Southeast Energy News

West Virginia relaxes 72-hour rule for stream crossing permits

PIPELINES: West Virginia regulators drop a condition on stream crossing permits that required work to always be completed within 72 hours. (WVPB)

ALSO: Mountain Valley Pipeline developers say it’s unlikely the project will be completed this year due to legal and regulatory challenges. (Reuters)

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COAL ASH: A federal judge denies an appeal by a Tennessee Valley Authority contractor seeking to delay a lawsuit that accuses the company of poisoning coal ash cleanup workers. (Knoxville News Sentinel)

• Virginia regulators are “bending over backwards” to accommodate coal mines owned by West Virginia Gov. Jim Justice’s family that are in need of reclamation. (Virginia Mercury)
• A recruiter for coal mining, gas, and industrial businesses invites coal miners to apply for work in a West Virginia county. (WVNS)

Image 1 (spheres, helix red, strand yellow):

• Murray Energy acquires an Alabama coal mine. (Birmingham Business Journal, subscription)

SOLAR: A Tennessee solar company will invest $75 million in two Georgia solar projects. (Solar Power World)

RENEWABLES: A North Carolina university will host a clean energy conference this week. (WRAL)

OFFSHORE DRILLING: Residents in a Florida county organize with an ocean conservation group to support a ban on offshore drilling. (Herald-Tribune)

OIL & GAS: West Virginia leaders tout the state’s natural gas industry during a visit with the U.S. Deputy Secretary of Energy. (WV Metro News)

• A North Carolina Senate committee advances a bill that would allow regulators to set Duke Energy rates in five-year blocks instead of one year at a time. (Charlotte Observer)
• A Kentucky utility raises rates for the second time in two years. (Lexington Herald-Leader)

COMMENTARY: A bill that would lift a cap on solar installations in South Carolina would bring benefits to customers and utilities, an editorial board writes. (Post and Courier)

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